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Women Music March #10 — Orla Fallon

Órlagh Mary Louise Fallon (born August 24, 1974), professionally known as Órla Fallon, is an Irish singer, songwriter and former member of the group Celtic Woman and the chamber choir Anúna. Fallon was born in Knockananna, Ireland. She plays the harp and sings traditional Irish music, most often in the Irish language. Fallon studied at Mater Dei Institute of Education, in Dublin.

To read an interview with Orla, go here.

from wikipedia:
Mo Ghile Mear” (translated “My Gallant Darling”, “My Spirited Lad” and variants) is an Irish song. The modern form of the song was composed in the early 1970s by Dónal Ó Liatháin (1934–2008), using a traditional air collected in Cúil Aodha, County Cork, and lyrics selected from Irish-language poems by Seán “Clárach” Mac Domhnaill (1691–1754).

The lyrics are partially based on Bímse Buan ar Buairt Gach Ló (“My Heart is Sore with Sorrow Deep”, c. 1746), a lament of the failure of the Jacobite rising of 1745. The original poem is in the voice of the personification of Ireland, Éire, lamenting the exile of Bonnie Prince Charlie. Mo ghile mear is a term applied to the Pretender in numerous Jacobite songs of the period. O’Daly (1866) reports that many of the Irish Jacobite songs were set to the tune The White Cockade. This is in origin a love song of the 17th century, the “White Cockade” (cnotadh bán) being an ornament of ribbons worn by young women, but the term was re-interpreted to mean a military cockade in the Jacobite context.

Another part of the lyrics is based in an earlier Jacobite poem by Mac Domhnaill. This was published in Edward Walsh’s Irish Popular Songs (Dublin, 1847) under the title of “Air Bharr na gCnoc ‘san Ime gCéin — Over the Hills and Far Away”. Walsh notes that this poem was “said to be the first Jacobite effort” by Mac Domhnaill, written during the Jacobite rising of 1715, so that here the exiled hero is the “Old Pretender”, James Francis Edward Stuart.

The composition of the modern song is associated with composer Seán Ó Riada, who established an Irish-language choir in Cúil Aodha, County Cork, in the 1960s. The tune to which it is now set was collected by Ó Riada from an elderly resident of Cúil Aodha called Domhnall Ó Buachalla. Ó Riada died prematurely in 1971, and the song was composed about a year after his death, in c. 1972, with Ó Riada himself now becoming the departed hero lamented in the text. The point of departure for the song was the tape recording of Domhnall Ó Buachalla singing the tune. Ó Riada’s son Peadar suggested to Dónal Ó Liatháin that he should make a song from this melody.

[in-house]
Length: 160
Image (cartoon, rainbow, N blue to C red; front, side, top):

Ó Liatháin decided to select verses from Mac Domhnaill’s poem and set them to the tune. He chose those that were the most “universal”, so that the modern song is no longer an explicit reference to the Jacobite rising but in its origin a lament for the death of Seán Ó Riada.

 

 

I found the translated lyrics here.

My dashing darling
My dashing darling is my hero
He’s my Caesar, a dashing darling,
I’ve got no rest and no pleasure
Since my dashing darling went to a distant land.

I’m incessantly sorrowing each day,
Lamenting sorely and showing signs of tears
As the lively lad has been separated from me
And no news from him is told, my sadness.

My dashing darling is my hero
He’s my Caesar, a dashing darling,
I’ve got no rest and no pleasure
Since my dashing darling went to a distant land.

My dashing darling is my hero
He’s my Caesar, a dashing darling,
I’ve got no rest and no pleasure
Since my dashing darling went to a distant land.

Let a story be sung on tuneful harps
and let lots of quarts be filled on the table
with high spirits faultless and unclouded
to find life and good health for my lion*

My dashing darling is my hero
He’s my Caesar, a dashing darling,
I’ve got no rest and no pleasure
Since my dashing darling went to a distant land. (x3)

* “leon” is perhaps ambiguous – it can mean either “lion” or “wound/grief/sorrow/pain”. I don’t think the idea here is that the Goddess “Eire” (who was the speaker in the original poem on which this song was based) is asking for relief from her sorrow, I think she’s asking for her lion, her dashing darling, to come back to her and carry on with his battle to free the gaels from King George in particular and the English in general, so I’ve picked “lion” rather than “wound” or “grief”.

8 thoughts on “Women Music March #10 — Orla Fallon

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